The maximum insurance payable to a depositor for all deposits in an insured organisation will be raised to VND75 million (US$3,289) from VND50 million from August this year.
Under Decision 21/2017/QD-TTg, issued last week by Prime Minister Nguyen Xuan Phuc, the insured deposit amount, which is paid by the Deposit Insurance of Viet Nam (DIV), will include both principal and interest.
As per current regulations, to get deposit compensation, credit institutions and banks mobilising deposits are required to purchase the insurance.
Insured banks have to declare the list of deposit insurance schemes they have purchased to all transaction offices.
To be eligible for insurance, deposits must be in Vietnamese dong. Depositors will be paid back 60 days after the bankrupt institution ceases all transactions.
In case the bankrupt credit institution or bank gets mired in dissolution, which affects the security of the banking and finance system, the DIV will support these banks by lending, guaranteeing, or covering their debts.
Like in most other countries, Viet Nam’s deposit insurance policies have two main aims: to protect depositors and to secure the banking industry.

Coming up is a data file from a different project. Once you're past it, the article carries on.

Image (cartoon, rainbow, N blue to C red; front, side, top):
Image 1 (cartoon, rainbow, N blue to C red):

Public trust in the banking system is important, and can be significantly improved through deposit insurance policies.
The insurance limit is being raised after experts and depositors have repeatedly pointed out that the current limit of VND50 million per customer is very low. The limit is much lower than the 50,000 euros in Europe, $200,000 in the Republic of Korea and $250,000 in the United States, they said.
According to the State Bank of Viet Nam, institutions and individuals deposit roughly VND6 quadrillion in the country’s commercial banks.
Currently, annnual interest rates for dong deposits average at 0.8-1 per cent for below one month terms, 4.5-5.4 per cent for one to six months, 5.4-6.5 per cent for six to 12 months, and 6.4-7.2 per cent for above 12 months.